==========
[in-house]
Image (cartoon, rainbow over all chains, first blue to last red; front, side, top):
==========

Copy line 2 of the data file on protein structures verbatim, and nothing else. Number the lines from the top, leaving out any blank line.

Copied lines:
Image (cartoon, rainbow over all chains, first blue to last red; front, side, top):